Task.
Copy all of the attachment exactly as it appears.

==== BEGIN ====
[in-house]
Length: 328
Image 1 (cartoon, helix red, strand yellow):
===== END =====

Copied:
[in-house]
Length: 328
Image 1 (cartoon, helix red, strand yellow):